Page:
INSTRUMENTAL ENRICHMENT (IE):
Instrumental Enrichment is a cognitive programme designed by Professor Feuerstein, whose main purpose is, through mediation, to correct deficient cognitive functions and thus enhance people's capacity and propensity to learn.
It consists of fourteen instruments (paper and pencil exercises) each of which has the explicit aim of developing specific cognitive functions. These exercises are supported by teacher's guides and are graded with later learning based on mastery of earlier tasks. There is nevertheless some degree of flexibility in the order of presentation.
Consistent with the aims of the programme, the exercises are designed purely as vehicles for improving thinking and learning. They are thus 'content- free' in the sense that they do not teach specific academic or technical subjects.
Depending on individual need, the programme may extend over periods ranging from 80 hours (e.g., a young person who is gifted but is unorganised) to 300 or more hours (for someone who has a range of learning difficulties of a moderate to severe nature).
A minimum of two hours weekly in two separate hourly sessions is needed with personal but guided reinforcement by parents and/or teachers.
In its unadapted form, the programme requires a basic ability to read and write words and sentences (even in the absence of effective comprehension). It also needs a basic understanding of numbers and of simple arithmetic; and it needs basic visual and motor skills. However, through sensitive mediation, and through applying practical criteria for instrument adaptation defined by Professor Feuerstein, a significant part of the programme can be made accessible to those who have limited visual and motor functioning and who, on entry into the programme, can neither speak, read nor write. Even within this relatively restricted application of the programme, substantial development in thinking, learning and work skills can take place.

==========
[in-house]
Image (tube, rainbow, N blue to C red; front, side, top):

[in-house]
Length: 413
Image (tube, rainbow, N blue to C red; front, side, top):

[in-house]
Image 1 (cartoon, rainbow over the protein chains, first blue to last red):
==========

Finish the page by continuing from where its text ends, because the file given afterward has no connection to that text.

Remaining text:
There are preconditions for the successful delivery of the programme, which must be taken seriously. IE has failed on more than one occasion and independent research demonstrates clearly that, wherever this has happened, one or more of the conditions given below have been by-passed:
A) To be confident
of securing stable change in learners, the programme must be continuous,
with sessions delivered at least twice weekly.
Finally, the purpose of the programme is not solely to develop the cognitive functions but also to develop:
* An awareness within pupils of how they are thinking as they work- how they are approaching problems and tasks - how to learn from their mistakes and successes, thereby improving their underlying ability to learn and solve problems. Professor Feuerstein calls this capacity 'metacognition'.
* A perception within pupils of themselves as both generators and shapers of information.
* An intrinsic state of curiosity and motivation, facilitating the transfer of learning from one situation or context to the next.
2) Spatial Orientation:
4) Numerical Progression:
Thinking and Learning
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